American exceptionalism and auto-centric culture go hand-in-hand. These foolhardy beliefs make me want to get back to investigating handlebar-mounted weaponry. Maybe a bayonet?
A local teenager was recently struck and killed while riding his bicycle. For possibly the first time ever, the newspaper had the decency to not delve into the blame game, leaving any mention of helmets, reflectors, or distracted driving out of the article. They even used this as another reason to support better treatment of pedestrians and cyclists. Fucking unheard of! And the first comment on that editorial?
I totally agree however even though stated, more emphasis must be put on bikers. I leave the house in the dark every morning. On my way I pass people on bikes with no rear (maybe no front) lights, dark clothing and maybe a reflective stripe on their shoes. This is on country roads that aren't that wide and curve around. Often you see them very late and although not difficult to avoid a moment of distraction and it would be tragic. They may have the right to use the road, but they also must use it safely.
I see dark cars with tinted windows often driving with no lights on. Sometimes the annoyingly loud music is the only indication that a car is nearby. Those with hearing impairments would be at total loss. Typically, because such motor vehicle operators can not be bothered to either fix or turn on their lights, they also can not be bothered to stop at intersections or pay attention to others on the road.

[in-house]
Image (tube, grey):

All of this is to say, what the hell is your point? Most suburban and rural cyclists make themselves visible from outerspace with neon racing gear, reflectors, and lights. Urban cyclists are a more diverse lot, but even people who are more difficult to see are not invisible. If one is driving his vehicle with headlights on, he should be able to observe people, animals, and other objects that might also be on the street. I drove rural Connecticut for years and never hit anything while I was driving the speed limit. I mention this because I killed an opossum and the guilt with haunt me for as long as I can remember it locking eyes with me that split second before I crushed its head with my tires. I was going well over the speed limit on a winding country road. If I had been driving more slowly, I would have had the ability to miss the creature. Every time other animals -- squirrels, dogs, cats, raccoons, deer, chipmunks, and one emu -- darted in front of me, I was able to avoid contact. I could be wrong, but not one of those bastards was equipped with reflector vests or lights.